- Habitual exercise can prevent and reverse an age-related decline in muscle mass and strength, enhancing flexibility, balance and endurance, and reduce the risk of falls in older people. Regular exercise can help heart disease, stroke, diabetes, obesity and high blood pressure.
- Regular exercise can help prevent osteoporosis; weight builds bone strength customary exercise can facilitate chronic arthritis sufferers recover their capacity for daily activity such as course management, climbing stairs and opening jars.
- Regular exercise can help improve self-esteem and confidence, reduce stress and anxiety, improve mood, and improve the overall mental health.
- Regular exercise can help control body weight.
Effects of physical inactivity and lack of exercise:
- Physical inactivity and lack of exercise are linked to heart disease and some cancers.
- Physical inactivity and lack of exercise are associated with diabetes mellitus type II (also known as an early adult, non-insulin-dependent diabetes).
- Physical inactivity and lack of exercise contribute to weight gain.
- 30 minutes of moderate exercise (walking is fine), at least three to five days a week is recommended. However, the greatest health benefits of exercise most days of the week.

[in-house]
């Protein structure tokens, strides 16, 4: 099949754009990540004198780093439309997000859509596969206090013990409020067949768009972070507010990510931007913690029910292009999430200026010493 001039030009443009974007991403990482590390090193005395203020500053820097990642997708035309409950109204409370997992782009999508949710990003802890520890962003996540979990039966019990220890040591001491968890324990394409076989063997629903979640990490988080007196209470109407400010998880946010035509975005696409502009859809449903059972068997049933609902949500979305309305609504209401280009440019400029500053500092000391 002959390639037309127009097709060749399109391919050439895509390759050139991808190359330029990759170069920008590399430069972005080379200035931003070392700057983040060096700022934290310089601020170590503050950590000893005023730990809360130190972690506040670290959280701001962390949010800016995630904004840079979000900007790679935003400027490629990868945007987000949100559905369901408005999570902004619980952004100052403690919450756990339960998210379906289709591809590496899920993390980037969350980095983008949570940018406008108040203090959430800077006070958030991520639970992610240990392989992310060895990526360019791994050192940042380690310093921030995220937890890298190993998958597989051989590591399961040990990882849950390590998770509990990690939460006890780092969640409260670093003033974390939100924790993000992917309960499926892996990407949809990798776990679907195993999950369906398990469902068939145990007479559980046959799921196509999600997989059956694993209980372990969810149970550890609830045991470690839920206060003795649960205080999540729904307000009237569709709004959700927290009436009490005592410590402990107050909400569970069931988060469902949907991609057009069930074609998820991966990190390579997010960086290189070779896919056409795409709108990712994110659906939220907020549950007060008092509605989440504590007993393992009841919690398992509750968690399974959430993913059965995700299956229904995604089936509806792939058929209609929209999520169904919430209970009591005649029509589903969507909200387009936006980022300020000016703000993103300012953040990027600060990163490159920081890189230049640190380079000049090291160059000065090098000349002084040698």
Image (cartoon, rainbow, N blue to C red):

- Exercise can be divided into smaller 10-minute sessions.
- Start slowly and progress gradually pain or undue fatigue or injury occurs. Over time, build to 30-60 minutes moderate intensity exercise every day.
- People are not excessively old from begin exercising. However, frail, elderly people (aged 70-90 years), can get better their strength and balance.
Individuals may begin the gentle exercise such as walking without a medical examination. These persons must consult their physician before exercising stronger:
- Men aged over 40 or women over 50 years.
- Individuals with heart or lung disease, asthma, arthritis, or osteoporosis.
- Individuals who have chest pressure or pain during exercise, or who extend fatigue or shortness of breath without difficulty.
- Individuals with conditions that increase the risk of coronary heart disease; however, high blood pressure, high blood cholesterol, cigarette smoking, diabetes, or family members which have untimely heart attacks and coronary heart disease had.
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